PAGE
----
Chemical treatment of the hair such as hair dye, bleach, chemical straightening and permanent waves can damage the hair. This damage may lead to some of any drugs that may be present, being leached out from the hair, therefore treated hair may hold less drug than if the hair had not been treated. As a result, it is possible that low or single use of any drugs may not be detected. More frequent use of drugs can still be detected but the concentration found may be less than that detected in untreated hair.
Can body hair be drug tested like hair from the head?
Body hair can be drug tested in exactly the same way hair from the head is. The growth rates for body are considerably slower than the hair from your head. Most body hair is replaced in about one year. It is challenging to precisely represent the time period of a standard screen with body hair so substances may be detected in body hair for up to 1 year after the substance left the blood stream.
How much hair is needed?
A standard screen requires 40+ milligrams of hair or approximately 50 - 70 strands that are up to 3cm (or 1.25 inches) in length. The thickness and pigment color of different types of head hair (thick black vs. thinning gray) is the basis of this variation.
What if I am almost bald or have no hair?
Hair can be collected from several head and/or body locations (excluding pubic areas) and combined to obtain the required amount of hair. In the rare case where no hair is collectable, complete urine/saliva testing may be utilised.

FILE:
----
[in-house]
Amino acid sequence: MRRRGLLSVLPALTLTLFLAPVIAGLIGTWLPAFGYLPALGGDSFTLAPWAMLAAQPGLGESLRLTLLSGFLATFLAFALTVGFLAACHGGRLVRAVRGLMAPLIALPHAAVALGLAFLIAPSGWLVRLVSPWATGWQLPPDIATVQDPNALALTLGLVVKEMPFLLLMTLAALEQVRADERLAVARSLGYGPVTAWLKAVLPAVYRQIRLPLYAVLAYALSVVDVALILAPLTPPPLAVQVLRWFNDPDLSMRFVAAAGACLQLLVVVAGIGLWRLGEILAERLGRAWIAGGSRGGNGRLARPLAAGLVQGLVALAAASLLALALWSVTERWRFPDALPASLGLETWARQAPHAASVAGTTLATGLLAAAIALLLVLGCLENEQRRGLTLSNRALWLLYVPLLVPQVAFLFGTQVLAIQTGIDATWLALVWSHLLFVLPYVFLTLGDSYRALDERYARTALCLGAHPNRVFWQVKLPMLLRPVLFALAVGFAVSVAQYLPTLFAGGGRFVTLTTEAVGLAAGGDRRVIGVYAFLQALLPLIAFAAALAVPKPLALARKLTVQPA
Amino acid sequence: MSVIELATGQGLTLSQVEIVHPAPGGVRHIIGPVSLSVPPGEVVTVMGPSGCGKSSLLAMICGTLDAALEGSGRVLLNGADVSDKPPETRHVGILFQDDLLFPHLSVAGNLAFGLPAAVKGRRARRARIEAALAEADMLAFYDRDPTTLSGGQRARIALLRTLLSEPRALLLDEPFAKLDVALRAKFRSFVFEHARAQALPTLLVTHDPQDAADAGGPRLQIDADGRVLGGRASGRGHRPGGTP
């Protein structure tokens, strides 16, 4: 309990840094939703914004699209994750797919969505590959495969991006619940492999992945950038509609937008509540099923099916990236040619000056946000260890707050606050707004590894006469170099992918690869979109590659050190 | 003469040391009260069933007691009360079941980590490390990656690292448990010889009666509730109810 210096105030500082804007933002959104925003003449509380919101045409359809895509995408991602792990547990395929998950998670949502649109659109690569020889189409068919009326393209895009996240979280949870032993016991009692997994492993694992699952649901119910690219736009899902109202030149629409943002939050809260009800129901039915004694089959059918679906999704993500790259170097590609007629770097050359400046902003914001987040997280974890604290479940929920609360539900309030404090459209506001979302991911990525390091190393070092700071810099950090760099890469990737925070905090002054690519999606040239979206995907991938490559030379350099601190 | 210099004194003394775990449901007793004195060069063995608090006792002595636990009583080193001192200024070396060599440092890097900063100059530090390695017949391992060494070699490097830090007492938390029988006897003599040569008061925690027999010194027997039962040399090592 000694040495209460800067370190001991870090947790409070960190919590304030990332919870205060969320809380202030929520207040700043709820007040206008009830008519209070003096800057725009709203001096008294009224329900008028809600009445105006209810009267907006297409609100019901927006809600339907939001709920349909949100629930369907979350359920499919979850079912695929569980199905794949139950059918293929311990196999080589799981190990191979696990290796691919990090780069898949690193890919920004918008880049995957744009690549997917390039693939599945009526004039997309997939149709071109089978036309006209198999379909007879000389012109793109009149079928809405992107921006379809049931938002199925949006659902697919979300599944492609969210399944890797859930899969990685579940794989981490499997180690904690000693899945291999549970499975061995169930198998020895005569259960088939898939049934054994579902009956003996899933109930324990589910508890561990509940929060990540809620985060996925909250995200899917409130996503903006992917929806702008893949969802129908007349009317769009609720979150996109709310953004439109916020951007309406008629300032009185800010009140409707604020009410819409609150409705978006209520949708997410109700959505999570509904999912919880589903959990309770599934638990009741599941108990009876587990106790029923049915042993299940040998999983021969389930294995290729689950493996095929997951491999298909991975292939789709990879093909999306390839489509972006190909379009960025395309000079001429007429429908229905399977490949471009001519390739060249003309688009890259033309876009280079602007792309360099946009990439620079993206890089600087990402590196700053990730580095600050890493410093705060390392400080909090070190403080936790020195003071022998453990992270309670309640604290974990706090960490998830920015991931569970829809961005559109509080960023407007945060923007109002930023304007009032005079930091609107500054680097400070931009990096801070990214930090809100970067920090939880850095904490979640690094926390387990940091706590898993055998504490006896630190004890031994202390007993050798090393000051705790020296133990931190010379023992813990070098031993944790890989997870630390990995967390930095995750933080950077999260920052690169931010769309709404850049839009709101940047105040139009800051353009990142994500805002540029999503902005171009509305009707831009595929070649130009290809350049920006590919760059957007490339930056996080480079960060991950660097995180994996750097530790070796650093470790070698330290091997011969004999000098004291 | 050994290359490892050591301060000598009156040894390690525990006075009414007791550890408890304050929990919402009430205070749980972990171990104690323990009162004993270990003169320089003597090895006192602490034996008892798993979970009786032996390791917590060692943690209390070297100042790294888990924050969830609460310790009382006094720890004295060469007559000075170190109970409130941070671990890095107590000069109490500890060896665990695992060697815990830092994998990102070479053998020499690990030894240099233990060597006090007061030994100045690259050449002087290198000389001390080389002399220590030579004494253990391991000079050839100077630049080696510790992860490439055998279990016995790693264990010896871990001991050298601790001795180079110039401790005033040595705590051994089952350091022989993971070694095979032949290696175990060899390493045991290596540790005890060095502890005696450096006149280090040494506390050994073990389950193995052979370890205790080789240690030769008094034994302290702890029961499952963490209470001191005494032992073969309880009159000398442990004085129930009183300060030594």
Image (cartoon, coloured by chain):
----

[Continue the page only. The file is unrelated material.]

How effective is hair follicle testing in detecting drug usage?
In comparison to a urinalysis drug test, cocaine, PCP, opiates, and methamphetamine have proven hair analysis far more effective than urine testing in identifying low-level drug use over an extended period of time since these are normally out of the bloodstream in within 3-7 days. The detection of cannabis is currently less sensitive than the other drugs in identifying low level drug users, but is considered approximately equal to urinalysis in identifying cannabis users. The detection period for hair is limited only by the length of the hair sample and is approximately 90 days for a standard screen.
Can passive smoking have an effect on results?
It is extremely unlikely that a positive drugs test could be the result of passive smoking. Smoke from drugs inhaled by a non-drug user can deposit small amounts of that drug in their system but this is far below the cut-off levels we apply to our results in order to protect the donor from such a possibility. The hair samples are also washed prior to extraction to eliminate any environmental contamination.
How can you detect the difference between over-the counter drugs and illegal substances?
As an example, whilst both are opiates, heroin would have a different molecular mass and a different chemical structure from codeine (which is available over the counter (OTC) in the UK)and so they would each travel through the analyser at different times. The analyst will identify the illegal drug from the OTC drug, by looking at the time drugs took to travel through the analyser and its chemical structure. Each drug has its own unique chemical structure which is then used to identify the drug.
How do drugs get into hair?
After a substance is ingested, whether orally, smoked, snorted, or injected, metabolites are produced as the drug is processed by the human body. As these drugs and metabolites circulate in the blood stream, they enter and nourish the hair follicle and are then inserted into the hair strand as it grows.
Last edited by Helene; 10-12-2009 at 03:25.